Denver House project moves forward

By on September 28, 2016
The Denver House.

The Denver House.

A landmark Denver Borough building is on its way to a new use.

An ambitious project schedule for finalizing property acquisition of The Denver House, 240 Main St., and renovating it with community services offices on the first floor and an upper floor of affordable apartments was presented by Lancaster Housing Opportunity Partnership Executive Director Ray D’Agostino and R.E.A.L. Life Community Services Executive Director Rodney Redcay, at the Monday, Sept. 26, borough meeting.

Asked when all this might be completed, D’Agostino responded: “By the end of next year.”

Redcay, who also serves as borough mayor, has to date steered the project on a fast track. He hopes by summer of 2017 to see the renovation done.

The Denver House was a bar and had rooms for rent on the second floor. The physical conditions inside the building, Redcay said, are less than desirable living conditions for its dozen adult residents.

“We are assisting them in finding new housing, and getting help from Lancaster County Coalition for Homeless. I just spoke with one of the longest residents about this today,” said Redcay.

R.E.A.L. Life Community Services signed an agreement with First National Bank to purchase the Denver House. LHOP is a collaborative partner with low-interest loan assistance.

Welsh Mountain Medical Centers will partner with R.E.A.L. Life to provide professional medical, dental, and behavior health services offices on the first floor. It is anticipated that over 1,000 square feet of additional space will be available for commercial purposes on the first floor.

“Denver has 300 residents coming to us already,” said Welsh Mountain Chief Executive Officer, Georgette Dukes McAllister. “It’s a natural for us to be here. Not a lot of practices accept Medical Assistance, some don’t even take Medicare and there are many uninsured.”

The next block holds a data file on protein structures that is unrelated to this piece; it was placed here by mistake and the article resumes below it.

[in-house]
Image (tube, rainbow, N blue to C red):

Local residents, in the unusually full audience of nearly 30 people, unanimously endorsed the changes planned for the building. Also present were local industry leaders in construction, plumbing and heating, flooring and electric who have pledged major donations of materials, time and/or labor.

Total cost for the project is $1.5 to $1.7 million. The soft phase of the capital campaign is about to close and the public phase begin

Redcay and D’Agostino praised Denver Council members for their letter of support for the project. Consideration of a financial contribution for this downtown revitalization project, Redcay said, would be greatly appreciated.

“Looking at the property, it’s sustainable, and there’s a need for services,” he said. “The apartments are for people to apply for affordable housing. Leases will be for one year. This is not housing for transients or homeless. Because we’re renting to people, we’ll be paying full property taxes on that property.”

D’Agostino complimented the project’s progress, and said it’s already been discussed as a model by another community which would like to do a similar type project.

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